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Muslim lawyer in US denied job for supporting Palestine

26-year-old Jinan Chehade, a graduate of Georgetown University Law School with Moroccan and Lebanese heritage said that she was recently rejected from a job opportunity because of her online advocacy for Palestine. In response, she has filed a discrimination case in court. Chehade shared with an Anadolu reporter that her hometown of Bridgeview, a Chicago suburb known for its significant Arab community, is sometimes referred to as "little Palestine."

Anadolu Agency DIPLOMACY
Published June 11,2024

A US Muslim lawyer said that she was denied a job because of her posts supporting Palestine, and has taken her discrimination case to court.

Jinan Chehade, 26, a graduate of Georgetown University Law School whose mother is Moroccan and father is Lebanese, told an Anadolu reporter that Bridgeview, a suburb of Chicago where she was born and raised, is called "little Palestine" by some due to its large ethnic Arab population.

Emphasizing that she has known about the Palestinian issue since her childhood, Chehade said growing up in Bridgeview "really made me who I am and is the reason I went to law school to begin with."

She added: "I grew up in a very highly politicized community where we were constantly, post-9/11, demonized for being Muslim or being Arab."

Saying she has taken part in demonstrations against what is happening in Gaza since the age of 5, Chehade added that she chose to pursue the legal profession in order to make a difference.

- Support for Palestine branded 'terrorism'

Chehade said that after she was accepted to a job at Foley & Lardner, a leading US law firm, she was summoned for an informational meeting hours before she was due to start working.

"At first, I thought that this would just be an opportunity to tell them about what's happening in Gaza, to tell them that I was worried for my family in Lebanon and my extended family, you know, in Palestine and Gaza.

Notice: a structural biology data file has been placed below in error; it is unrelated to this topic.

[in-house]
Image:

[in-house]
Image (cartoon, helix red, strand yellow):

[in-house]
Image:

She continued: "Unfortunately, when I went to the meeting, it was not that environment at all. It was a very hostile environment in which they interrogated me about my social media, related to Palestine, about my advocacy, about even SJP (Students for Justice in Palestine) students … about my background and identity."

"So ultimately, they framed my advocacy for Palestine as supporting terrorism, which, as we know, is a very racist smear with no factual backing," she added.

But, she noted, people who openly voice support for Israel are not treated the same way, showing a double standard.

She stated that the decision to withdraw the job offer was "devastating," adding: "That's when I decided to not only speak out but fight back … and pursue a lawsuit … I wanted to set a precedent to show that these law firms cannot discriminate against us without accountability … That people who look like me and people who advocate Palestine cannot be tossed aside simply for speaking up for human rights."

- 'No regrets'

Chehade took her fight against the law firm's discrimination to federal court and said: "I have no regrets about speaking up for Palestine or advocating the way I did.

"I think, especially in this time, silence is complicity and they threaten us."

She added: "The only thing I hope is that we get justice and we make sure that if another attorney or law students wants to speak up for what's going on or speak up for their family, they are not fired and discriminated against in this way.

"So it's important now more than ever that we're on the front lines of speaking out against this genocide. And so I would tell everybody that everybody has a role. We all need to be outspoken about what's happening in Palestine. And we can't give into this fear-mongering that's going on," she explained.

Since this spring, when pro-Palestine protests on US campuses spread quickly, students and others have complained of discrimination and double standards against people who support the Palestinian cause, a trend also seen outside academia.

Israel has faced international condemnation amid its continued brutal offensive on Gaza since Oct. 7, 2023 attack by Hamas, despite a UN Security Council resolution demanding an immediate cease-fire.

More than 37,000 Palestinians have since been killed in Gaza, most of them women and children, and nearly 85,000 others injured, according to local health authorities.

Eight months into the Israeli war, vast tracts of Gaza lie in ruins amid a crippling blockade of food, clean water, and medicine.

Israel stands accused of genocide at the International Court of Justice, whose latest ruling ordered Tel Aviv to immediately halt its operation in the southern city of Rafah, where over a million Palestinians had sought refuge from the war before it was invaded on May 6.